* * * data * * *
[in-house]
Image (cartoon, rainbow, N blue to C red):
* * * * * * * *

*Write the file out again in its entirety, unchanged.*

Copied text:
[in-house]
Image (cartoon, rainbow, N blue to C red):